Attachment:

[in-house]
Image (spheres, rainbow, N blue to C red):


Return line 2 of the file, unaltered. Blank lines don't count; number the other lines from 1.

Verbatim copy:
Image (spheres, rainbow, N blue to C red):